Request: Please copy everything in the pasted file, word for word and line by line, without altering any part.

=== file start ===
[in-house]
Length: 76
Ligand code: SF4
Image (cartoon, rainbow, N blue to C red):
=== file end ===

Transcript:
[in-house]
Length: 76
Ligand code: SF4
Image (cartoon, rainbow, N blue to C red):